"There are organizations and groups that say they’re there for us, when in reality they are not," said Rivera-Valentine. "We are a community that is more often than not swept under the rug. We are the taboo community. People have a tendency to be ashamed of our community and unless they’re given a directive that they have to deal with this, they’re not going to. We’ve been struggling for years to be recognized as a community within a community, one that’s in dire need of support."
As activists consider what changes could be made to better address HIV and broader health-related concerns facing the trans people, most say the solution can start relatively small-changing care providers’ intake forms to be more trans-inclusive and other actions. Other potential solutions include using social media to spread trans-specific prevention messages.
Most importantly, however, health advocates said it is up to trans people themselves to advocate for change; demanding equal, discrimination and harassment-free access to health care. Silverman stressed they "need to stand up, be counted and demand what we need."
"We face a lot of discrimination from the people who control the levers of power," said Silverman. "While some organizations advocate for the needs of this community, we face an uphill battle. But we will create institutions that are responsive to the needs of the transgender community and work with existing institutions to meet those needs."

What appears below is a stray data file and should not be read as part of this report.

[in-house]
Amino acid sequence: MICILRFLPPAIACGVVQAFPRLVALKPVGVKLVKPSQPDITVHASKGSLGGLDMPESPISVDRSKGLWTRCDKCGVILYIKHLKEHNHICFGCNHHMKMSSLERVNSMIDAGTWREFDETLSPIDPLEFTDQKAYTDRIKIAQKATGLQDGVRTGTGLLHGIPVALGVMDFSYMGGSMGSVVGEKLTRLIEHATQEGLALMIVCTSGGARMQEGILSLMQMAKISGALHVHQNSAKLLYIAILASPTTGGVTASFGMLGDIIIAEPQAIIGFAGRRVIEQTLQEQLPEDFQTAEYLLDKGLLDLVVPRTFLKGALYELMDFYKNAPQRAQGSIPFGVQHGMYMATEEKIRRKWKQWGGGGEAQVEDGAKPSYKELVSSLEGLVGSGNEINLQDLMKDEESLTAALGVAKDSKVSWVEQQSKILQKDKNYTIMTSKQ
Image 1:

"I think a lot of people in the community struggle with the internal dialogue of ’If I step up will anyone hear my voice?’ But people do hear and do listen," said Rivera-Valentine. "It takes people with the courage to step up and say, ’You know what, I’m not going to take this anymore.’ That’s when people start to listen."
And while Borrego still struggles to find stable employment and encounters some discrimination, she said she feels blessed to have found housing that allows her to focus on her health. Borrego does not regret living openly with HIV. And she hopes her openness will help educate other trans people who may remain apprehensive to address the epidemic within their midst.
"I get to live openly and honestly about my life without any self doubts," said Borrego. "I think within the transgender community, as in any community, there is a real sense of invincibility. The feeling is that this is something that will happen somewhere else, to someone else, but it’s still very common."
Joseph covers news, arts and entertainment and lives in Chicago.